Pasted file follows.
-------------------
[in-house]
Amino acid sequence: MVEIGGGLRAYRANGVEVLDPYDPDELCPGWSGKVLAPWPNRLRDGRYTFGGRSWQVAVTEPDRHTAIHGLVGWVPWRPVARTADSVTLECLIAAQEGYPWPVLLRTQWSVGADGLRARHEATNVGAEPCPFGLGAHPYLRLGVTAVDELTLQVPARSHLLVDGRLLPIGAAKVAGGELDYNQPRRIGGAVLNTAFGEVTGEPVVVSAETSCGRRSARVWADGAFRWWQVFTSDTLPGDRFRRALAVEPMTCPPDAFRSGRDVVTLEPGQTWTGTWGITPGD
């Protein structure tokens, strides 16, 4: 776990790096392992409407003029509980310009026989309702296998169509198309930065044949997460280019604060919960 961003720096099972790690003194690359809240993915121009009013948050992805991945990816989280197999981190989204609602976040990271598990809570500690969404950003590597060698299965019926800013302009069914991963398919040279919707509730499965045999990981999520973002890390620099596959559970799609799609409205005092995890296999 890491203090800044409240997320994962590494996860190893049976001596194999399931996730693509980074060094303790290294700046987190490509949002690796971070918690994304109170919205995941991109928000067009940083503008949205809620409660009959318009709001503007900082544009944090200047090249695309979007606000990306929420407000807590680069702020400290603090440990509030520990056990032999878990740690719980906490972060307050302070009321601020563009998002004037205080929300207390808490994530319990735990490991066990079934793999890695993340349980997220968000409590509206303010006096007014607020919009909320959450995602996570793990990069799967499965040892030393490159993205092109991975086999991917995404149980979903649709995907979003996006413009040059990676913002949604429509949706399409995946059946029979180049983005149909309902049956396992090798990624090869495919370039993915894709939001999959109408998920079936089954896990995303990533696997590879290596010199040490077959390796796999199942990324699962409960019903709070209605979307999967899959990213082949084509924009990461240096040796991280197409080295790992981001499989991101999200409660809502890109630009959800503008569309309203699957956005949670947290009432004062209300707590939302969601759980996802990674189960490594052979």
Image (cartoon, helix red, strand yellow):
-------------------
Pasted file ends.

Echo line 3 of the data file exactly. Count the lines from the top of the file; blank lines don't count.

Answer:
């Protein structure tokens, strides 16, 4: 776990790096392992409407003029509980310009026989309702296998169509198309930065044949997460280019604060919960 961003720096099972790690003194690359809240993915121009009013948050992805991945990816989280197999981190989204609602976040990271598990809570500690969404950003590597060698299965019926800013302009069914991963398919040279919707509730499965045999990981999520973002890390620099596959559970799609799609409205005092995890296999 890491203090800044409240997320994962590494996860190893049976001596194999399931996730693509980074060094303790290294700046987190490509949002690796971070918690994304109170919205995941991109928000067009940083503008949205809620409660009959318009709001503007900082544009944090200047090249695309979007606000990306929420407000807590680069702020400290603090440990509030520990056990032999878990740690719980906490972060307050302070009321601020563009998002004037205080929300207390808490994530319990735990490991066990079934793999890695993340349980997220968000409590509206303010006096007014607020919009909320959450995602996570793990990069799967499965040892030393490159993205092109991975086999991917995404149980979903649709995907979003996006413009040059990676913002949604429509949706399409995946059946029979180049983005149909309902049956396992090798990624090869495919370039993915894709939001999959109408998920079936089954896990995303990533696997590879290596010199040490077959390796796999199942990324699962409960019903709070209605979307999967899959990213082949084509924009990461240096040796991280197409080295790992981001499989991101999200409660809502890109630009959800503008569309309203699957956005949670947290009432004062209300707590939302969601759980996802990674189960490594052979």